Using charred timber in garden design has become increasingly popular. The striking deep black-coloured timber with incredibly beautiful textures is not only stylish but a sustainable way of treating wood for longevity.
The practice goes back to 18th Century Japan, and is known as Shou Sugi Ban. It was used as a wood preservation method for exterior cladding, making it resistant to sun, water, rot and fire. The process involves charring and brushing wood then coating it with natural oil. Traditionally, cedar was used because it could take a high temperature for a jet-black finish, but woods such as larch can also be employed. The alligator skin texture, grain pattern and colour will vary depending on the wood species.
The technique can be carried out by hand on site, and kilns are also now also used for mass production. This timber looks stunning when used as fencing, benches, outdoor kitchens or pergolas and is ideal for linking the indoors to the outdoors. It’s also great for exterior cladding for garden studios, where the dark exterior disappears into the space - striking at night when you still get a glow from the windows.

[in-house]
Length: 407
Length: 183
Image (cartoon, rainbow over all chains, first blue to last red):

Garden designer Butter Wakefield is using Shou Sugi Ban in a current project. ‘We wanted a contemporary feel to the boundary treatment rather than a traditional trellis,” she said. "The garden is small with a pared back, minimal style, and we were looking for something with strong visual integrity and stand-alone importance. We are also using randomly-placed larch timber boards of varying widths on our rear boundary to create shadows and form a dramatic back drop to the immersive green planting and white silver birch trunks."
It looks as though charred timber is set to grow in popularity with those looking for something unusual and stylish.